Glenburgie 21 1995 Signatory Un-Chillfiltered Collection

Thanks to /u/Bradbobaggin  for the dram.

The Signatory Un-Chillfiltered Collection is frustrating. Hold your internet rage for a second.

Signatory is an independent bottler of some size. It owns Edradour, it has some good people picking whisky, and they have been the source of some of the nicer whiskies I’ve had. That’s all well and good. If this was a whisky in their Cask Strength line we wouldn’t be starting a whisky review like this. Probably would be funnier. Imagine various sexual innuendos if you’re having trouble getting through the preamble before the recipe.

But the Un-Chillfiltered Collection (to be called UCF from here on out) is not the Cask Strength collection. From what I understand of the company right now, you have three choices: The 86 Proof Collection, the UCF, and the Cask Strength Collection. There’s also the odd store selection that breaks the rules.

The 86 proof collection doesn’t come across my doorstep, so I can’t say anything. But the UCF seems like something I’d be into: Less filtering, better mouthfeel, great. But always at 46%, unless they are UCF – Cask Strength, at which point it’s just a white tube and a normal shaped bottle storing some of the Cask Strength Collection’s whisky.

Alcohol percentage isn’t everything, however typically it does impact the flavour. Think of it this way: If I sold you the entire loaf of bread, untouched, then you could do what you want with the bread. You may not enjoy the crust, but it’s up to you to figure out what to do with it. If I take all the crust off the bread, that may be a way you enjoy it, but you didn’t have a chance to use the crust or try the crust before I skinned the bread.

That was insane. Just go with it.

At least with UCF, we’re still getting more crust: By not chill filtering, the company isn’t striping some of the fats and oils that lend flavour. I’m all for that.

So while Glenburgie 21 1995 Signatory Un-Chillfiltered Collection may be at the best abv for the whisky, I don’t really get to find out that. Sure, this 21-year-old, ex-Bourbon hogshead Glenburgie may be at it’s apple pie best, and thus great to either Signatory or Specs Texas (who it was bottled for), however my personal taste may be hunting an ex-Bourbon Burgie that doesn’t evoke tons of apple pie.

Thus my trepidation at buying whiskies below cask strength; I don’t think they’ll always be bad, I would rather buy less whisky to drink to save up for cask strength whiskies that I can adapt to my tastes. But today we have a sample, and I’m interested in how it tastes.

So let’s see where a UCF lands in the debate of apple pie or not, shall we?

Price: No idea

Region: Speyside

Distilled on: June 15, 1995

Bottled on: May 18, 2017

Matured in: a Hogshead

Cask No.: 6524

Number of bottles: 243 bottles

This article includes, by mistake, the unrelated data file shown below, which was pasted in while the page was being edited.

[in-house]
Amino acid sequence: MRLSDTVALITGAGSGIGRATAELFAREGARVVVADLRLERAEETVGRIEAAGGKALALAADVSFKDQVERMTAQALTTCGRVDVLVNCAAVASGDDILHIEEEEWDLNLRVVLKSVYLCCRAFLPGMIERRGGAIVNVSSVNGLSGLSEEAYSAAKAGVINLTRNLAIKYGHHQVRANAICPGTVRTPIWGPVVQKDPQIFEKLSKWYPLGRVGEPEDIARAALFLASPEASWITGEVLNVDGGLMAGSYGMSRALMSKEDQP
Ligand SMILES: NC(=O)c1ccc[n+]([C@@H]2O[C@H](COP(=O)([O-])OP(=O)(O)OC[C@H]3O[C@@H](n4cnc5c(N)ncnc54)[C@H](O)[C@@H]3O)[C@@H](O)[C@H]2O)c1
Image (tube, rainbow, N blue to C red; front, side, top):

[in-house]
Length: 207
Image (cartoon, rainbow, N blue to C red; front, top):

Specially Selected for: Specs Texas

Abv: 46%

Colour: 5Y 8/8

Nose: Peach, butterscotch, floral, ginger

Stone fruit, sugar, floral, and spice. Yup, it’s Glenburgie. Wrap it up folks, we’re done here!

Standard nose for an ex-Bourbon Glenburgie, albeit with more of a peach flavour versus the standard apple I’m used to. Though honestly you most likely could argue peach and apple can be similar, what with the literal thousands and thousands of apples that were ever grown.

Ahem… So it’s sweeter on the nose. Getting less complexity on the nose, but maybe it’s just very shy.

Taste: Cardamon, cloves, pear, char

Spice, spice, and some burnt flavour. Oh and pear. Let’s not go down the “stone fruit is similar to one another” path again, I can already hear the typing of keys in anger at that previous statement.

It’s not well balanced. To bring it back to my previous point, there’s a chance that this whisky could have had more fruit to it originally. And while ensuring no chill filtering means that flavour isn’t completely striped, the lowering of the alcohol percentage and potentially removing the fruit there.

Now do I think someone is twirling their moustache, thinking how lowering the alcohol on this one whisky will make them even more money and creating something akin to sampling your spice rack? No, maybe only a little bit, but ultimately no. It could have had that flavour, or perhaps it didn’t at all. However we can’t un-water-down the whisky, so I’m left with it as is.

Finish: Cinnamon, apple, burnt cereal, grass

What starts as apple pie ends with burnt cereal and grass. It’s a rough, bitter, burnt whisky. And I like char, don’t get me wrong: There’s an ongoing cold fight between my wife and I on the appropriate amount of char on the cauliflower. This is excessive, or at least is missing some sugar to balance it out enough.

Conclusion: Burnt spices and cereal. Kinda bitter. Like the spice, I need more to the whisky to really love it.

I can’t help but draw the comparison to various other similarly aged Glenburgies. I think watering this whisky down caused this, or this whisky wasn’t wowing me to begin with. Now that’s fine if this was inexpensive. At $50 (USD) this would have been a fine whisky to pick up. My score doesn’t include that factor, I just want to be clear there.

Also there may be a lot of people who want this either for mixing in cocktails (it starts with the spice nicely) or don’t need as much sweets. They may still have issues, as there’s a charred element here that I’m not loving. I can’t recommend this whisky as it stands, and I continue to be wary of UCF as a brand.


Scotch review #1605, Speyside review #457, Whisky Network review #2332

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